Seasonal allergies 2016 update: spring pollen increases hay fever (rhinitis) and asthma attacks

seasonal allergiesSeasonal allergies 2016 update: spring pollen increases hay fever (rhinitis) and asthma attacks. With winter falling behind us, spring is peaking its head. And although many of us welcome the warm weather and green grass, this season can be a total nightmare for those with seasonal allergies.

Pollen allergy is the most common springtime allergy, which occurs during blooming of plants. Although you can’t avoid pollen, you can take the appropriate steps to reduce your risk of allergy symptoms and outbreaks throughout the season.


Aside from pollen allergies, asthma sufferers also have a harder time in the spring, as pollen can trigger asthma attacks even if you’re not necessarily allergic to pollen. Joyce Rabbat, M.D., an assistant professor at Loyola Medicine, said, “Seasonal pollens in the spring can result in airway inflammation and worsen underlying asthma.”

Lastly, hay fever – or allergy rhinitis – is a combination of symptoms like runny nose, itchy eyes, and even a skin rash at times. Hay fever is caused when the body’s immune system overreacts to environmental triggers because it has become sensitized. Many individuals don’t develop a reaction to these triggers, but those with hay fever do.

There are two different types of hay fever: seasonal and perennial. Seasonal hay fever only occurs in certain seasons as it is triggered by the environmental changes that occur in that time period. Perennial hay fever causes symptoms all year round and can be a result of dust mites, cockroaches, dander, and even an underlying food allergy. In some cases, individuals will experience both types of hay fever. Symptoms worsen when perennial is combined with seasonal.

Seasonal hay fever treatment should be initiated prior to season, study shows

Research from the University of Oslo found that seasonal hay fever can be induced even when it is not pollen season, suggesting new means of treating the condition. The findings of the study indicate that treating seasonal hay fever prior to the allergy season can better help target allergen-specific T cells to reduce severity of seasonal hay fever.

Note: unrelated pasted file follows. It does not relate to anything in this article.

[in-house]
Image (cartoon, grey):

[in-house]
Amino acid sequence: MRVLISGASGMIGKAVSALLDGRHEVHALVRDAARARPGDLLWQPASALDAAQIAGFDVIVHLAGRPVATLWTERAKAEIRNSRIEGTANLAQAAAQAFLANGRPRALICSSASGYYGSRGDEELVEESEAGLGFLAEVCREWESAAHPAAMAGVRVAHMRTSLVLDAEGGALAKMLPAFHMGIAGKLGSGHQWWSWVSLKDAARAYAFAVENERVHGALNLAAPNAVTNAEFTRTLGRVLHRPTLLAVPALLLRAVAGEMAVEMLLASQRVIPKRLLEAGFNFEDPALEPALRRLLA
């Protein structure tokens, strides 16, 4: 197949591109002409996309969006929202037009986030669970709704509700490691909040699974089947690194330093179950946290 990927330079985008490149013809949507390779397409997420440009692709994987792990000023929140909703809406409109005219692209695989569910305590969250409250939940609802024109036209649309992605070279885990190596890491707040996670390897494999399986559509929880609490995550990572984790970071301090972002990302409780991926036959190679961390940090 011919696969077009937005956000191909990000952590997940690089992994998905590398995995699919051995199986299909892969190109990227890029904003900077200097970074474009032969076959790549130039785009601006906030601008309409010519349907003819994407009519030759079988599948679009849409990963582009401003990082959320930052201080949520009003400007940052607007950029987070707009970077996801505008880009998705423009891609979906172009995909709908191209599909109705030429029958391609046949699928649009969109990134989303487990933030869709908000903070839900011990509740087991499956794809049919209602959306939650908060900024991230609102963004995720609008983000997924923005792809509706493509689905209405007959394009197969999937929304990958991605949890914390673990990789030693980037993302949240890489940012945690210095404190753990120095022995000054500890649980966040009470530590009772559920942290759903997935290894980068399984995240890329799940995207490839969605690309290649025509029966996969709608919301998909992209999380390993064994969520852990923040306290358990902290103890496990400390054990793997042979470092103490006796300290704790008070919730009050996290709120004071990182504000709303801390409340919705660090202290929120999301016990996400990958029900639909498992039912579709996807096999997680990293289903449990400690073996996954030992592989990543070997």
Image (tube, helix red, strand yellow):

Local T cells cause an inflammatory reaction during seasonal hay fever by producing cytokines, which activate immune cells. It has long been unknown whether T cells reside in the mucosa outside of the pollen season. The results of the study confirmed that allergen-specific T cells do reside in the mucosa outside of the pollen season and react quite strongly to pollen extract. The findings offer greater insight as to effective approaches to treating seasonal hay fever.

Manage allergies and asthma attacks

seasonal allergiesMedication is the most common approach to managing both allergies and asthma. If you have asthma, your doctor has probably put you on a medication regime that uses an inhaler. If you have stopped using the inhaler, or stopped other medications, it may be a wise decision to get back on your routine prior to allergy season as preventative measures from seasonal asthma attacks. Furthermore, you will want to speak with your doctor about fast-acting medication to quickly relieve asthma attacks that may occur.